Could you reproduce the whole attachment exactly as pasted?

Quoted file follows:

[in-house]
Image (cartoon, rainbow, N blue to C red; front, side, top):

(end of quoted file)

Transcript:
[in-house]
Image (cartoon, rainbow, N blue to C red; front, side, top):